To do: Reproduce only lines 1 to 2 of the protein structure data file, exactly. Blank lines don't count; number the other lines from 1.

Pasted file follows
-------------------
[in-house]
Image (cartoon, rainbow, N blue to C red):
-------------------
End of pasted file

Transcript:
[in-house]
Image (cartoon, rainbow, N blue to C red):